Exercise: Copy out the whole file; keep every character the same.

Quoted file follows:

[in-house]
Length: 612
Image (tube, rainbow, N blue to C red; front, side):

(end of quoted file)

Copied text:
[in-house]
Length: 612
Image (tube, rainbow, N blue to C red; front, side):